I was lucky because I didn’t do the touristy things. I moved from project to project, living with real people, experiencing life as a local and instead of waxing ad nauseum, here are a few photos that will paint a better picture.’


No filter sunrise


Monduli Mountains and the Savannah


Maasai Woman


Local women campaigning for their local leaders


Local Market


An old forgotten Cave


A typical Maasai House




The View From my room at Kili


The Sugar Mills at Kilombero


The Stoves


The Lion King


The First Humanoid Excavated


The Egyptian Cobra


The Black Mamba


Sunrise at Tanga


Pink Lake – Ngorongoro Crater

The Joys of Commuting

Beware the dangers of complacency. I boarded the 17:22 from London Victoria to Gypsy Hill yesterday. It was boiling hot and the heat combined with the movement of the train made me sleepy. I dozed. At some point I became aware that the train had stopped. I and my fellow passengers where stuck in no man’s land between Battersea Park and Clapham Junction station. The windows where open but the lack of motion rendered this fact of little consequence. I along with my fellow commuters made the best of a sticky (in more than one sense of the word) situation. People read their papers. a man complained to someone or other rather loudly on his mobile that he was stuck on a train, he hated the idea of driving for 2 hours to get somewhere or other that evening but that he would, reluctantly make the effort, while a gentleman with what a former colleague of mine used to call “issues” wandered up and down the train talking to all and sundry.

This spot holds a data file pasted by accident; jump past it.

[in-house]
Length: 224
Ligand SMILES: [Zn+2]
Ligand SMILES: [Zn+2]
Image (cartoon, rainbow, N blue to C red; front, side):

The driver was brilliant keeping us informed of what was happening. Apparently someone had collapsed in Clapham station and paramedics where in attendance.